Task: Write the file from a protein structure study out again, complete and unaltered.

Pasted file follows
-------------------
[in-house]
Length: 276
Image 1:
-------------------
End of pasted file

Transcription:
[in-house]
Length: 276
Image 1: